Using lexical context to discover the noun category: Younger children have it easier

Philip A. Huebner, Jon A. Willits

Research output: Chapter in Book/Report/Conference proceedingChapter


Prior work has demonstrated that distributional dependencies between word or morpheme-like entities in artificial and naturalistic language can detect clusters of words which broadly conform to the categories of the adult language (Brent & Siskind, 2001; Mintz, 2002; Redington & Chater, 1998). In this work, we examine the hypothesis that the distributional statistics useful for the discovery of the noun category are more useful in speech to younger children compared to older children (approximately 1–3 vs 3–6 years of age). First, using a novel method for quantifying the extent that nouns occur in mutually shared contexts, we demonstrate an advantage for speech to younger compared to older children. Second, we develop a theoretical framework for understanding why caregiver speech might be scaffolded in this way, and test its predictions against information theoretic patterns computed on child-directed speech. Our account, based on entropy maximization, and anchoring originally proposed by Cameron-Faulkner, Lieven, and Tomasello (2003), clarifies issues in incremental learning from nonstationary input—the problem faced by language learners—and paves the way toward integrating the scaffolded organization of children's early language environment into computational models of acquisition.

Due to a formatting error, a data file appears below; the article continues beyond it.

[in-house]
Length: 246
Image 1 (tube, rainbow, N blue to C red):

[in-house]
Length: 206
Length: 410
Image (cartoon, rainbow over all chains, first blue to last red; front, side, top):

Original languageEnglish (US)
Title of host publicationThe Context of Cognition
Subtitle of host publicationEmerging Perspectives
EditorsKara D. Federmeier, Lili Sahakyan
PublisherAcademic Press Inc.
Number of pages53
ISBN (Print)9780323901352
StatePublished - Jan 2021

Publication series

NamePsychology of Learning and Motivation - Advances in Research and Theory
ISSN (Print)0079-7421


  • Child-directed Speech
  • Corpus analysis
  • Distributional learning
  • Language acquisition
  • Lexical context
  • Noun category

ASJC Scopus subject areas

  • Social Psychology
  • Developmental and Educational Psychology


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